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Mean Girls

Aaron EllisAaron Ellis, The A is silent.
22 upvotes by Andrew Gutsch, Ellen Vrana, Quora User, Quora User, Christopher Raynor, (more)

April 30th, 2004 was the theatrical release date of Mean Girls, a film that has reached cult status over the years. In anticipation of the movie's 10-Year Anniversary, thousands of the Mean Girls faithful have been clamoring for a reunion. The fact that this teen comedy has endured through the years is a real testament to its strengths. A clever dissection of the politics and power moves between popular high school girls, the movie is effective thanks to a solid screenplay by Tina Fey and pitch-perfect performances by Lindsay Lohan, Lacey Chabert, Rachel McAdams, Lizzy Caplan and Amanda Seyfried.

And of course, there is very cool music in this movie.

The Mean Girls soundtrack has some authenticity about itself because it contains the kind music that high-school girls in the mid-2000's would actually like.  From pop stars like Pink and Christina Aguilera to more underground musicians like Peaches and Orbital, and everything in between.

Some of the song selections were no-brainers. Kelis' "Milkshake" - the euphemistic jam in which she sings about how her "milkshake brings all the boys to the yard" - practically demands that it be used in a school setting. Beyonce's "Naughty Girl" was also fit for a film about girls who are, so to speak, naughty.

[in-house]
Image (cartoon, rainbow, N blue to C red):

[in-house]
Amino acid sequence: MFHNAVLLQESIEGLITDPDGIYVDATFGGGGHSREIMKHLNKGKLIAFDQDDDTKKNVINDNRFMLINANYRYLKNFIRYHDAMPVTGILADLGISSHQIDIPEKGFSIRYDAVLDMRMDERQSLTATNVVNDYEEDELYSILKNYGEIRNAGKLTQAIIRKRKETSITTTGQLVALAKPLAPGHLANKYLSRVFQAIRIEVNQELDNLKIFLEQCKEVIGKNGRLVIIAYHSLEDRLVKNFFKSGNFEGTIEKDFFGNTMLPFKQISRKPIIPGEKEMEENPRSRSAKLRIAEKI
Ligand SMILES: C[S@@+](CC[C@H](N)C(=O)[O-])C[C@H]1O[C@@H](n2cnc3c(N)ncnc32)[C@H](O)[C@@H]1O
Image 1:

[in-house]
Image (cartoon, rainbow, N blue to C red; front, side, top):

There are several "girlfight" songs that capture the rivalries between the characters. "Mean Gurl" by Gina and Gabriel Rene and "Hated" by Nikki Cleary are deliberately nasty in nature. The best of the bunch is "Rip Her to Shreds" by Boomkat, a cover of a hit by Blondie (a band that also appears on the soundtrack with their classic "One Way or Another").

One of the memorable scenes from the movie was the Winter Talent Show, where The Plastics dance (and later sing) to "Jingle Bell Rock." So inappropriate, and yet so funny!

Some of the songs in the film are among my personal favorites by the artists. Joe Budden's "Fire," with Busta Rhymes, is hot as fire. The relentless bass and hand claps on Missy Elliot's "Pass the Dutch" makes it among my all-time favorite party beats. And then there is Orbital's "Halcyon + On + On" which cues during the final scene. Quite simply, it's a masterpiece.

Ten years back, I never would have imagined that this movie would last the way it has. But then again, the themes of cliquishness and high-school hierarchies are eternal, thus it speaks to all generations. What more can be said? The movie is so fetch.

Happy Tenth!

And always remember: On Wednesday, wear pink.


Detailed analysis of movie soundtracks and scor...


Aaron Ellis
Aaron Ellis
The A is silent.